* blush * Today Room to Write, that saucy minx, is asking us to write about kissing (p.34). As Bonni Goldberg says, “Besides being fun, it is an especially good practice for writing scenes between two people.”
All right then, I suppose I can share a snippet from a scene that I previously wrote while under the influence of wine (when I feel my most floozy) and the very next day yanked from the story. It really wasn’t the suitable direction for the characters, but I’ve kept it within reach under the file name, “The Gratuitous.” At any rate, this picks up from when a couple of friends have fallen asleep on the sofa together.
A couple stirrings later, she felt within a tighter squeeze and then a light brushing of lips atop her hair. She thought she’d been mistaken, but no; the puckering sound of a fully carried-out kiss had sounded against her scalp, then her forehead, and was now moving in slow succession down the bridge of her nose until—
Their lips met. Both of their eyes closed. Soft at first, then hardening and spreading with each contact, more slippery each time. Their tongues met, and together they began to swell and ebb with one another, pressing and pulling away only to heave again toward each other once more as their tongues now spiraled and lunged against their mutual provocation.
Oh, there was more involved, but I’ve restricted it to only the kissing part. I have no desire (“desire” being the operative word) to become the next Danielle Steel, though kudos to her for, you know, targeting a market well. Granted, I cut the scene because I felt it wasn’t right for these two characters to hook up, but I do tend to be prudish on stuff like this and wonder why. I have no qualms thinking it or feeling it or even writing it down, but when it comes to my finished product, I censor. Is it because there is so much of the gratuitous out there when, by definition, it’s unnecessary in furthering plot or character? This point makes me recall the film, The Player, with Tim Robbins, who plays the character Griffin Mill:
Griffin Mill: It lacked certain elements that we need to market a film successfully.
June: What elements?
Griffin Mill: Suspense, laughter, violence. Hope, heart, nudity, sex. Happy endings…
June: What about reality?
The film itself includes the formulaic “hope, heart, nudity, sex” elements, just not where you’d conventionally expect them to be, thereby turning the formula on its head as a means of satire.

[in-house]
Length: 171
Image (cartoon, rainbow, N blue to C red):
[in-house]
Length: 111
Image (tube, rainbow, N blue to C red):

That being said, there must be a reason why the formula does exist. Human passions prevail for the masses. And what about the story line that has a real message to put forth that necessarily requires a bit of physical relations? My sister, who writes under the pen name Nicki Elson, addresses this in her blog post, “Should I Have Faded to Black?” with regard to her recently published debut novel, Three Daves. Set during the 1980’s on a central Illinois college campus, its protagonist (Jennifer) is one of the last American virgins who seeks compromise between coming of age sexually while still holding out for the elusive “one.” Jen’s solution to this moral predicament is both a practical and hilarious journey for her as she navigates through three boyfriends who share the same name but entirely different personalities—namely, David, Dave, and Big “D.” To tell a tale like this, it is appropriate for the details to be explicit:
“She tentatively licked at his lips with the tip of her tongue to try and coax him in. He teasingly flicked his tongue at hers but refused to take the plunge. Jen whimpered in frustration, and he ended his torture, finally pushing his way into her mouth. Jen sucked him in gratefully and clutched his head to hers to make sure he didn’t get away.” (p.67)
Whatever other sexual techniques we might learn during such scenes, it’s in the simple kiss when Jennifer genuinely loses herself in emotion. The kiss, though only “first base,” can truly be the most sensual, intimate, and affectionate act. And let’s not forget that kisses can also merely be pecks on the cheek or an innocent idea blown off the palm of a hand.
I’ve spun the bottle and now it’s pointing at YOU. How about parting your lips and saying what you think on this topic? What are your thoughts on kissing as an expressive act between people and its role in literature? Have you ever read/written an effective portrayal of two characters kissing that you’d care to share?